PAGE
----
Chilean cardinal confirms exit from Pope Francis's advisory body

Chilean cardinal confirms exit from Pope Francis’s advisory body

Chilean cardinal confirms exit from Pope Francis’s advisory body

In this April 13, 2013 file photo, Chile's Cardinal Francisco Javier Errazuriz Ossa attends Mass for the election of a new pope inside St. Peter's Basilica, at the Vatican. (Credit: AP Photo/Andrew Medichini, File.)

A Chilean cardinal who has been at the center of the country’s clerical sexual abuse crisis acknowledged on Wednesday that he’s no longer a member of the council of nine cardinals.

A Chilean cardinal who has been at the center of the country’s clerical sexual abuse crisis acknowledged on Wednesday that he’s no longer a member of the council of nine cardinals, referred to as the C9, that advises the pope. In addition, a local prosecutor announced he’ll be summoning the cardinal under charges of covering up for abusive priests.

Speaking with Radio Cooperativa, Cardinal Francisco Javier Errazuriz said that having reached the five-year term he had been appointed to serve the pope in the C9, he had traveled to Rome to say goodbye to the pope and to “thank him for the job he entrusted us with.”

The Vatican’s press office didn’t answer Crux’s request for confirmation.

The C9 is a task force created by Pope Francis at the beginning of his pontificate to reform the government of the Church, known as the Roman Curia. Cardinal Sean O’Malley of Boston is the lone American on the commission.

On the same day Errazuriz made his announcement, the prosecutors’ office in Chile announced that they will be summoning the cardinal to testify on the alleged cover-up of the actions of Father Jorge Laplagne, who’s been accused of sexually abusing minors.

The announcement came on the same day retired Bishop Juan Barros testified over allegations that he had covered up for the former army chaplain, Father Pedro Quiroz, who’s been suspended by the diocese of Talca after allegations that he sexually abused minors.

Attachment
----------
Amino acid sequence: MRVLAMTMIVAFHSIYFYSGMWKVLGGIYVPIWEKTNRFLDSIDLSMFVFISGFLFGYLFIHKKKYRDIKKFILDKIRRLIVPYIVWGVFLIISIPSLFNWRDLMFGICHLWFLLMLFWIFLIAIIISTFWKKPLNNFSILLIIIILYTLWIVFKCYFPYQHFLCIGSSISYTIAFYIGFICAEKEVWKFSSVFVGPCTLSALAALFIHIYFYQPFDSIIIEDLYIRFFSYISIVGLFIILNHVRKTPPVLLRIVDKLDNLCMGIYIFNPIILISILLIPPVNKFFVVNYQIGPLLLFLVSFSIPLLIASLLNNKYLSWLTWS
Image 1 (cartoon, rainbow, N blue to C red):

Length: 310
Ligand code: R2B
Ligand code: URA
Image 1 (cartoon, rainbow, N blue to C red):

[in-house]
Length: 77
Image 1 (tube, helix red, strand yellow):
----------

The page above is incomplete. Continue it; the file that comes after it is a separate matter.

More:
Barros, like Errazuriz, has been at the center of the crisis rocking the Catholic Church in Chile. Francis’s 2015 decision to transfer him from the military ordinariate to the southern diocese of Osorno generated uproar. The pope publicly defended Barros, who’s been accused by the victims of former priest Fernando Karadima of having covered up for the man, who was his mentor.

Errazuriz, too, is accused of having covered up for the country’s most infamous pedophile priest, who was removed from the priesthood by Francis last month, after having been sentenced to a life of penitence and prayer in 2011 for abusing minors.

Barros gave testimony on Wednesday for over three hours, and according to prosecutor Sergio Moya, “answered every question.” As a former military bishop, the prelate is considered a retired general of the Chilean army, and as such, a public employee who was obliged to bring the allegations against Quiroz to the public authorities.

According to Moya, Barros is also being investigated in connection to “other cases.” His situation, the prosecutor said, is different from that of several of the other Chilean bishops – 8 in total, not including Errazuriz – who’ve been summoned to testify or who are being investigated for either covering up abuse or of having abused minors and seminarians themselves.

Barros is one of seven bishops who had his resignation accepted by Francis earlier in the year, and the pope is expected to accept several more, including that of the Archbishop of Santiago, Cardinal Ricardo Ezzati.

Speaking to the media after being questioned, Barros said that he hopes that with his testimony “and with God’s favor, everything will become clear.”

He acknowledged that for the victims of abuse there is always “a lot of pain,” and denied having covered up cases of clerical sexual abuse.

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